French Green presidential candidate goes awol as nuclear row rumbles

Reuters/Stephane Mahe

There’s speculation that France’s Ecology and Green Movement candidate in presidential elections next year, is about to pull out of the race, after a week in which she has been conspicuously absent from a debate about nuclear policy.


Eva Joly cancelled her appearance in a debate on France 2 television channel on Thursday evening, and a key Ecology politician, Noel Mamère, triggered rumours that she was about to throw in the towel, when he told interviewers that she was “taking time to think things over”.

Eva Joly has been forced into an extremely awkward political position, following an accord thrashed out on Tuesday night between her EELV movement (Europe Ecologie-Les Verts) and the Socialist Party.

She was not involved in the negotiations and is thought to be extremely unhappy with the final accord signed by Green Party leader Cécile Duflot, and Socialist Party leader Martine Aubry.

Eva Joly has frequently stated in the past that she would not agree to any deal with the Socialists unless they backed her demand to halt construction of a new-generation EPR nuclear reactor at Flamanville in northern France.

Tuesday’s accord includes no such commitment.

She will not attend the EE-LV council meeting on Saturday, when the accord is expected to be approved by vote.

On Friday key figures in the EELV party (Europe Ecologie Les Verts) rushed to insist that she is still in the race and Cécile Duflot told journalists that she “will resume campaigning at the beginning of next week.”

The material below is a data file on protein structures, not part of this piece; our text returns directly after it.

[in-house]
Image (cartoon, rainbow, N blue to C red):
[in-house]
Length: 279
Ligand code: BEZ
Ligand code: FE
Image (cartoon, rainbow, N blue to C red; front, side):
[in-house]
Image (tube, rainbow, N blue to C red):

France’s nuclear energy policy could become a key issue in next year’s election campaign.

Though surveys show the French are still broadly supportive of France’s nuclear energy programme, there has been more public debate on the subject since the atomic disaster at Fukushima in Japan.

Tuesday’s agreement between the opposition Socialists and Greens is the first significant move towards limiting nuclear power since the 1970s when France invested in nuclear energy after the oil crisis.

Under the Socialist-Greens deal, both parties will jointly campaign in next year’s presidential and parliamentary elections to reduce France’s reliance on nuclear energy from 75 per cent to 50 per cent, by shutting down 24 nuclear reactors by 2025.

France is the world’s most nuclear-dependent country, operating 58 reactors.

Nuclear energy is also one of France’s most successful sectors – the French company Areva has built reactors around the world, and French companies also operate many of them.

French president Nicolas Sarkozy was quick to criticise the Socialist-Green nuclear pact, warning that reducing atomic power production could compromise France’s energy security and cost hundreds of thousands of jobs.









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